As it turns out, it’s not as complicated an enterprise as you might think. There will be potentially a few more visits to the vet than with a completely healthy cat (but there are no guarantees an FIV negative cat wouldn’t need unexpected trips there either) and there is the possibility of a somewhat shortened lifespan. However, to my mind when you take on a pet you take on the painful inevitability that you will outlive them, and with love and care there is every chance of an FIV positive cat living a long and happy life.

What saddened me was that he had been there for so long because people heard this complication and ran. He might be very handsome, playful and loving, but he’s different. There’s a little more risk and a little more complication and the lack of a squeaky-clean bill of health, and so nobody wanted to give this little cat a chance. I’m not sure I entirely have the words for how saddening that was, particularly after meeting him and him being such a friendly boy. 

It goes to prove a point that continually annoys me - some people get a cat because they think cats are "easy" and don't require much looking after. Give them a possibility outside of their "easy package cat" box and they run for the hills. 

There’s a line in a film called Seabiscuit “You don’t give up on a life just because it’s banged up a little”. In the film that applies to both the eponymous equine and also the people around him, and to me it should indeed extend to people and animals alike. We’re all different, human and animal, and that means we all have different challenges. None of that makes us unworthy of a chance, and of a little bit of care and compassion.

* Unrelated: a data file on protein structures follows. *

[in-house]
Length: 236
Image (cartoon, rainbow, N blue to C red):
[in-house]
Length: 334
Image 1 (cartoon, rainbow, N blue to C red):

The little tabby cat will be somewhat ill for the rest of his life (he’s only seven months old). What struck me immediately was that in actual fact, so will I.

Does that have to mean I’m doomed to be passed over in life in favour of healthier people because I’m that little bit more complicated? I sincerely hope not.

Happily, from now on neither will he.

(This is his Cats Protection photo - I will share some of our own soon!)

Newly-christened Fiddler the tabby will be coming home with us next weekend. 

Whether my own health experiences and my feelings about them played any part in the decision I’ll never be one hundred percent sure (I suspect they did though), but there was never really a much intention of us not giving him the chance of a loving home when so many people wouldn't. 

Especially not considering he made a bee line for me and after a quick cuddle proceeded to try and eat my coat buttons for reasons I can’t pretend to understand – there’s something just a little (read: a lot) endearing about that.